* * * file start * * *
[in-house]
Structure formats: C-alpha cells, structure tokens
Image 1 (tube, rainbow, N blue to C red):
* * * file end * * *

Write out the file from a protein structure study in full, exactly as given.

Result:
[in-house]
Structure formats: C-alpha cells, structure tokens
Image 1 (tube, rainbow, N blue to C red):